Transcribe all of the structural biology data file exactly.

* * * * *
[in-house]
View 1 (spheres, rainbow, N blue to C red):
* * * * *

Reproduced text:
[in-house]
View 1 (spheres, rainbow, N blue to C red):